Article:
It should be reiterated that Airbnb does not conduct full criminal background checks on each user, and their system is not a substitute for properly vetting your guest or host.
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Can Felons Rent on Airbnb?
Airbnb does go on to state that a person’s past actions should not necessarily disqualify them from ever renting or hosting an Airbnb. A felony conviction is not necessarily a reason to be kicked off of Airbnb, but there are certain crimes for which Airbnb does not make exceptions.
Very serious violent crimes can result in a long suspension from Airbnb or even permanent removal. These include things like murder, terror offenses, and sexual offenses. Less serious convictions (Airbnb mentions disorderly conduct or marijuana offenses) will not result in any action being taken against someone’s account.
If an account is flagged during a background check and referred for further review, sometimes bookings may be delayed. If this does happen, the guest in question is allowed to cancel the reservation with no penalty while the review takes place.
If someone’s account does get removed from Airbnb, there is an appeals process where every situation is considered on a case-by-case basis.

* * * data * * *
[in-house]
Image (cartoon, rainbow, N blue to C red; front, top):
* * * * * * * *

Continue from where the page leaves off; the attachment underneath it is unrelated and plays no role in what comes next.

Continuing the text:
Can I Get Scammed Through Airbnb?
Unfortunately, Airbnb scams are as rampant as any other scam. While you’re much less likely to be scammed on Airbnb’s actual platform, there are tons of fake third party scammers ready to pounce on both vacationers and hosts.
There are a few common scams on Airbnb that you can avoid if you know what to look out for. Airbnb lists the following on their website:
- Advance fee scams: Someone asking you to pay for something outside of Airbnb’s payment platform. They will often offer something special in return. Paying for any part of a booking outside of Airbnb is a violation of their terms of service and can result in account suspension. A host should never ask for outside payment!
- Phishing scams: Fake emails sent from someone pretending to be from Airbnb. They will often ask for passwords or other personal information. Airbnb will never ask for these!
- Travel scams: ! deal that seems too good to be true almost always is! In these scams, people will offer potential guests a crazy good deal if they transfer money or send a deposit over. Again, this is not allowed.